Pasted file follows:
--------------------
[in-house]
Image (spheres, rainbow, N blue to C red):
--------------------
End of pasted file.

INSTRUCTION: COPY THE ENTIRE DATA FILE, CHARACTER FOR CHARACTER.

[in-house]
Image (spheres, rainbow, N blue to C red):